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Personal Deductions

30 July, 2015 - 16:09

In this chapter, we consider the Code’s provisions for deductions and credits for certain personal expenditures. We select only a few 1 such provisions to examine, namely § 165's allowance of a deduction for casualty losses, § 213's allowance of a deduction for medical and dental expenses, § 170's allowance of a deduction for charitable contributions, §§ 164/275's allowance and disallowance for payment of certain taxes, and §§ 82/132/217's, allowance of a deduction for moving expenses or exclusion from gross income.

The Tax Formula

(gross income)

MINUS deductions named in § 62

EQUALS (adjusted gross income (AGI))

MINUS (standard deduction or

➔itemized deductions)

MINUS (personal exemptions)

EQUALS (taxable income)

Compute income tax liability from tables in § 1 (indexed for inflation)

➔MINUS (credits against tax)

Consider why there should be an allowable deduction of, exclusion of, or credit for any personal expenses. We might preliminarily observe that there are three basic purposes:

1. We want to encourage taxpayers to make a particular type of personal expenditure. We may choose to make a “tax expenditure.” In this group, we should place deductions, credits, or exclusions for charitable contributions, for home mortgage interest, and for adoption expenses.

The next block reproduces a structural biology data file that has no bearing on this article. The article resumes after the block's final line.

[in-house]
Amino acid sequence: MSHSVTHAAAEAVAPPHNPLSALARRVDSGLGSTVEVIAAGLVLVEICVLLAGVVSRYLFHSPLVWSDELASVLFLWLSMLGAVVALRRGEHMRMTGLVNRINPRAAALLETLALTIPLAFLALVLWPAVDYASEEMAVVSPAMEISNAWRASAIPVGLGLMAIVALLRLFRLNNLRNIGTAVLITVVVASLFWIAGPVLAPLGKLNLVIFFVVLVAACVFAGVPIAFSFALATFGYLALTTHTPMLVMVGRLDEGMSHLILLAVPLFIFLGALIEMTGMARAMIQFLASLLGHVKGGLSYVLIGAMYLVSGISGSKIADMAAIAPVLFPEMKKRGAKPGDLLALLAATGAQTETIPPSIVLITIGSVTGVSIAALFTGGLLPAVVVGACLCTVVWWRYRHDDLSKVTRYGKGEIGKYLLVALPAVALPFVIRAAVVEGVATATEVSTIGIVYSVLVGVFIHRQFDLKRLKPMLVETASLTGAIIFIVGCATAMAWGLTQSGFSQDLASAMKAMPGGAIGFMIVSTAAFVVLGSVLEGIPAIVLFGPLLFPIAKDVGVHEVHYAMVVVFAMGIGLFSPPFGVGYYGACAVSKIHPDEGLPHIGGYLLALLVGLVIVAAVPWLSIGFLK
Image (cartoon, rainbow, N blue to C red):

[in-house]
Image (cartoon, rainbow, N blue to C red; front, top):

2. We want to provide some relief to those taxpayers whose personal expenditures result from the exercise of choice among unappealing alternatives. When discretion among consumption choices is absent, a court is less likely to find that a taxpayer’s accession to wealth is in fact gross income. Cf.Gotcher; Benaglia, supra. Conversely, when taxpayers may spend an accession to wealth any way they choose – as when they receive cash – they have realized gross income. SeeKowalski, supra. However, taxpayers must on occasion make some expenditures that we feel do not result from meaningful choices. The Code names some occasions when the absence of such discretion entitles a taxpayer to deduct (or exclude) an expenditure from his/her gross income. Examples include casualty losses and medical expenses.

3. We want to enlarge the tax base. Some taxpayer expenditures are not necessarily trade or business expenses, but they in fact enhance a taxpayer’s ability to generate taxable income. If they do that, they would also increase tax revenues. We should encourage taxpayers to make such expenditures. In this group, we place the Code’s provisions for moving expenses and child care.